Beowulf is about a time when fighting monsters and slaying dragons was what gave life meaning. I’m glad I wasn’t living then because I would have ended up as one of those poor helpless guys who were eaten by Grendel the monster.
Beowulf is an Old English epic poem that is available in many different Modern English translations. I didn’t consider reading it to be much fun. However, the discussion of the book at the meeting of the Great Books Kansas City
book group was very interesting because it was filled with people smarter than me.
In particular, one member at the meeting was able to recite portions of the poem in Old English. The Old English sounded as if it had about twice the consonants as does modern English. I didn’t understand the Old English, but nevertheless it sounded scary enough to give me nightmares. I’m sure the monsters and dragons are much more real in Old English.
Beowulf is one of the most important works of Anglo-Saxon literature. It was written between the 8th and early 11th Century based on a story that dates back to the late 5th Century. It survives by way of a single manuscript that has burn marks from a fire that it barely survived. The work fell into oblivion for many centuries, and its existence did not become widely known again until it was printed in 1815.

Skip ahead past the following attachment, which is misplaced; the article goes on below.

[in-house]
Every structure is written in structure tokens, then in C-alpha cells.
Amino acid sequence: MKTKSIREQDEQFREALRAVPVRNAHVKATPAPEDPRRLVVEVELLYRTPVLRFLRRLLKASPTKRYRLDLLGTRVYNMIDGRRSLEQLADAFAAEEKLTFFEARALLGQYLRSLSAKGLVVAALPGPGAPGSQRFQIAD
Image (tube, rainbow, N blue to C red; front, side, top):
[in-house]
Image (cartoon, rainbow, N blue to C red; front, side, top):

The following is a copy of the short review of the Seamus Heaney translation of Beowulf that was on the PageADay book lover’s calendar:
The English National Epic-
"Grendel was the name of this grim demon haunting the marches, marauding round the heath and the desolate fens." What finer way can there be to found a great world literature(somewhere between A.D. 600 and 1000) than with the awesome monster and his monstrous mother? Novel laureate Seamus Heaney does the honors in this widely acclaimed translation that brings to life a dark and primitive world full of honor and grandeur
Title-Beowulf: A New Verse Translation
Author-Anonymous, translated from the Old English by Seamus Heaney
Published-2000 by Farrar, Straus & Giroux